Tuesday Open Thread

Happy Tuesday!

Do you ever read a story and think to yourself… WHAT am I missing?!?!

That’s how I felt when I saw this Jezebel post regarding a brouhaha over Jackie O, an Aussie radio host who crossed a street while feeding her baby a bottle.

Yes, you read that right.

New South Wales Families Minister Pru Goward wins this weeks STFU Award for comparing a woman crossing the street while feeding her baby a bottle to… dangling a baby over a balcony.

“We all were horrified when Michael Jackson dangled his baby out the window and this woman is crossing the road not just holding a baby but feeding a baby and I think it was unnecessarily cavalier,” Ms Goward told The Sunday Telegraph.

“There would be no mother, no parent probably, or even a hardened feminist, in the country who would think that was a good way of feeding a baby, particularly a little tiny baby,” she said.

I looked at the “damning” photo. This woman was crossing the street, at a clearly marked crosswalk, with other pedestrians around her, while holding her baby and feeding her a bottle. Again I ask: WHAT is the problem here?

I nursed my baby while crossing streets. I nursed my baby while walking through a supermarket. I nursed my baby while CLIMBING THE STAIRS, because I needed to retrieve something important and the baby was hungry, damnit. Guess that makes me cavalier and unfit.

This seems like nothing more than a clumsy attempt to judge and tear this woman down. Goward (the former sex discrimination commissioner!) also took a passive aggressive swipe at the working mom:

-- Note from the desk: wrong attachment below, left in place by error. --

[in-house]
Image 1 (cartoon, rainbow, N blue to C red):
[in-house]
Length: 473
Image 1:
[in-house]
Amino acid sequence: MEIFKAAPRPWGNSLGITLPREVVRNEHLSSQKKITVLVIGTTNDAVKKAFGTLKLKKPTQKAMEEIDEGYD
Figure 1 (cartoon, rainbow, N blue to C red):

“It is very disappointing when a woman like Jackie O doesn’t feel she can take advantage of [paid maternity leave] because she is paid so much money to be on air that presumably the management have said to her: ‘Look if you take three months off, sorry you don’t have your spot’.”

“That is a judgment call for Jackie O about what she thinks is more important.”

Hey Pru? STFU!!

Aussie MTers, can you shed any light on this for us? Frankly, I’m baffled.

What’s the wackiest place you ever fed a baby? Was it more or less dangerous than dangling a child over a killer whale tank at Sea World? LOL.

What else is on your mind today?


Recession Good for Families?

Newsweek’s Kathleen Deveny recently touched a nerve in the comments thread with the assertion that the recession may be good for families because it is forcing unemployed men to do childcare and will probably usher in a “new level of sobriety to parenting itself.”

Sure, working dads do more chores around the house than their fathers did. But the waiting room at my pediatrician’s office is still invariably packed with women. Working mothers spend 60 percent more time each day on child care and household tasks than employed fathers, according to the Bureau of Labor Statistics. And when a father faces unemployment, he is likely to spend just one minute more per day—just one minute!—on child care. (He will, however, carve out 83 more minutes to watch TV.) Unemployed mothers, on the other hand, spend nearly twice as much time as working moms taking care of their kids, all while they too look for work.

I would like to believe that for families who can get through this economic slump in one piece—without losing jobs or health insurance or homes—these hard times might encourage a rebalancing of responsibilities. Women’s salaries are now critical to the well-being of more than 40 percent of American families, and so men must do better on the home front, doing the dishes, yes, but also planning the dinner that precedes them. “I hope this will lead us past the mommy wars and to the parent wars,” says Stephanie Coontz, a professor at Evergreen State College in Olympia, Wash. “We need to get away from the idea that one person has to do all the parenting.”